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Why You Might Care About the Term “Delayed Gratification”   
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Do you like the idea of being able to achieve bigger and better rewards in the future? Do you want to be happy? Most people would respond yes to those questions.

Delayed gratification is one factor that leads to improved health, academic success, and social competence.

Here is the problem though, books and articles about getting rich quick are inherently misleading. One quick way to make money is to write a popular book, about getting rich, that people will buy.

However, great goals usually require time, patience, self-discipline, and the sacrifice of immediate pleasure.

Imagine a dangerously oversimplified scenario in which there are two types of people: the type that can delay gratification and the type that struggles to manage impulse control.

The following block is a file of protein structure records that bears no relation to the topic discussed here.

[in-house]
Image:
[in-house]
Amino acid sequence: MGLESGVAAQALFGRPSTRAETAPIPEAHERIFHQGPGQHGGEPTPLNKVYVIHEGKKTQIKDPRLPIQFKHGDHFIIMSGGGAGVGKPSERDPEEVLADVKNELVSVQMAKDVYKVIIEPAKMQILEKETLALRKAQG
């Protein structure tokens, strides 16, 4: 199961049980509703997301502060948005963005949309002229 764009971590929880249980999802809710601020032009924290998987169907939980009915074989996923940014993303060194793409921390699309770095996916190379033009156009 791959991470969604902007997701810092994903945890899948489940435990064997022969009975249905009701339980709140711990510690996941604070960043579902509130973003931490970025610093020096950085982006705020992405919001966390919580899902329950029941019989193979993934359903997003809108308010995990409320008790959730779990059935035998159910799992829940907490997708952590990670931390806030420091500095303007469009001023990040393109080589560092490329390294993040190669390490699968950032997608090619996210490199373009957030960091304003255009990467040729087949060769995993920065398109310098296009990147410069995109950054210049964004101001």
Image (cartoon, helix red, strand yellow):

Think about it in terms that are down to earth. Purchasing expensive phones, watches, and cars temporarily pleases us but over the long-term it sets us back.

Saving for retirement seems like an impossible, ridiculous, and unnecessary idea. Why would anybody choose to not chop all his/her money before he/she dies? Yet, it is a good idea.

Saving up money every month for a big goal seems impossible right?

Sacrificing a daughter’s education for immediate gains initially sounds understandable, but we need to carefully consider all the costs.

Let’s put it into the framework of family. A good older brother would make sacrifices to help his younger siblings continue their education.

A bad older brother would spend all of his money on expensive clothes, phones, watches, and girlfriends while his siblings suffered.

Imagine the mind and thought process of a young woman that is considering a marital proposal. She can think about the short-term and the long-term. She will think about what she stands to gain and what it could cost.

The costs of education seem to be unbearable, but the long-term costs of not pursuing educational attainment are sometimes worse.

In conclusion, prudence is good. It’s possible to choose prudence.
Source: Kwabena Piesie (Matthew Zeliff)/Peace FM reporter

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